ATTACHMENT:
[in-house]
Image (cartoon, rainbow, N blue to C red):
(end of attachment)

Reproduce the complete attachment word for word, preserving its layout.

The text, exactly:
[in-house]
Image (cartoon, rainbow, N blue to C red):